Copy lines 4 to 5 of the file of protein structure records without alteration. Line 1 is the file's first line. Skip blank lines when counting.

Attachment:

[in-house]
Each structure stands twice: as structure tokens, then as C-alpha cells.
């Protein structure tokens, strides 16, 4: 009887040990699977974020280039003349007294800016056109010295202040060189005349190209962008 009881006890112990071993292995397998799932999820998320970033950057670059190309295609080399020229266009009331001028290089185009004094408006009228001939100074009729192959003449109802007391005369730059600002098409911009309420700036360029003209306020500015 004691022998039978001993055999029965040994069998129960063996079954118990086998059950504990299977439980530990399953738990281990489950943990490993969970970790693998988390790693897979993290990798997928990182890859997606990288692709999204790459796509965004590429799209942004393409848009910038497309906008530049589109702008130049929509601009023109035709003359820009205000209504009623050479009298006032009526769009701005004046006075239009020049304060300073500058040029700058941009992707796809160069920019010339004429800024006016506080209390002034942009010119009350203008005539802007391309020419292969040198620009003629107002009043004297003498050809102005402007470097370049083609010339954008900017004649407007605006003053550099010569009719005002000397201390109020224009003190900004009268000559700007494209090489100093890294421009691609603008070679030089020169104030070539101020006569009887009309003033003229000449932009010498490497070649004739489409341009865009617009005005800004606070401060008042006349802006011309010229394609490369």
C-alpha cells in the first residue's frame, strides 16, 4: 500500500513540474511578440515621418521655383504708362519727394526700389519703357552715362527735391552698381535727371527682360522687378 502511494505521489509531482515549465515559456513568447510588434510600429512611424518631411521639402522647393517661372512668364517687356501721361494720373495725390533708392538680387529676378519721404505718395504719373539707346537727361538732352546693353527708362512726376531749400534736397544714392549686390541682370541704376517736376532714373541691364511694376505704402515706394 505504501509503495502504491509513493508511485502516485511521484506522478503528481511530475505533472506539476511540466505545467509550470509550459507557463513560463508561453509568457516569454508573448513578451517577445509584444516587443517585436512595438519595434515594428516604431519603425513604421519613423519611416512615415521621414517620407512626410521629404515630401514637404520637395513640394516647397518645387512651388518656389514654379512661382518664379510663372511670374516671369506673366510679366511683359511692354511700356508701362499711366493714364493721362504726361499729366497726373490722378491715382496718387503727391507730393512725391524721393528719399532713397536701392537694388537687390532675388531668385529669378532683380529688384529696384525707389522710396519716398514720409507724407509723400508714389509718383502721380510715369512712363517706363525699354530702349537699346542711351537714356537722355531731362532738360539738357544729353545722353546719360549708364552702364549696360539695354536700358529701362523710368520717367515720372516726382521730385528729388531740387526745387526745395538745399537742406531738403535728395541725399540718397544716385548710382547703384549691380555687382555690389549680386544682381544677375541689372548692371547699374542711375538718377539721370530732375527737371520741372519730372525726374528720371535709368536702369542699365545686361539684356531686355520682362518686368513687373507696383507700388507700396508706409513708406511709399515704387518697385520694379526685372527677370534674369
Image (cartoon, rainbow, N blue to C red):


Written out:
C-alpha cells in the first residue's frame, strides 16, 4: 500500500513540474511578440515621418521655383504708362519727394526700389519703357552715362527735391552698381535727371527682360522687378 502511494505521489509531482515549465515559456513568447510588434510600429512611424518631411521639402522647393517661372512668364517687356501721361494720373495725390533708392538680387529676378519721404505718395504719373539707346537727361538732352546693353527708362512726376531749400534736397544714392549686390541682370541704376517736376532714373541691364511694376505704402515706394 505504501509503495502504491509513493508511485502516485511521484506522478503528481511530475505533472506539476511540466505545467509550470509550459507557463513560463508561453509568457516569454508573448513578451517577445509584444516587443517585436512595438519595434515594428516604431519603425513604421519613423519611416512615415521621414517620407512626410521629404515630401514637404520637395513640394516647397518645387512651388518656389514654379512661382518664379510663372511670374516671369506673366510679366511683359511692354511700356508701362499711366493714364493721362504726361499729366497726373490722378491715382496718387503727391507730393512725391524721393528719399532713397536701392537694388537687390532675388531668385529669378532683380529688384529696384525707389522710396519716398514720409507724407509723400508714389509718383502721380510715369512712363517706363525699354530702349537699346542711351537714356537722355531731362532738360539738357544729353545722353546719360549708364552702364549696360539695354536700358529701362523710368520717367515720372516726382521730385528729388531740387526745387526745395538745399537742406531738403535728395541725399540718397544716385548710382547703384549691380555687382555690389549680386544682381544677375541689372548692371547699374542711375538718377539721370530732375527737371520741372519730372525726374528720371535709368536702369542699365545686361539684356531686355520682362518686368513687373507696383507700388507700396508706409513708406511709399515704387518697385520694379526685372527677370534674369
Image (cartoon, rainbow, N blue to C red):